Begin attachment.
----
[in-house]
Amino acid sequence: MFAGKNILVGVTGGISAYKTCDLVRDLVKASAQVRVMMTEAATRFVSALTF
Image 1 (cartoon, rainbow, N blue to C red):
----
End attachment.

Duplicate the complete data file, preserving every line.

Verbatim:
[in-house]
Amino acid sequence: MFAGKNILVGVTGGISAYKTCDLVRDLVKASAQVRVMMTEAATRFVSALTF
Image 1 (cartoon, rainbow, N blue to C red):